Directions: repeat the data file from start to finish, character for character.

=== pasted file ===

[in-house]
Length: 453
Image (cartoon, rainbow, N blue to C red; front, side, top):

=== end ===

[in-house]
Length: 453
Image (cartoon, rainbow, N blue to C red; front, side, top):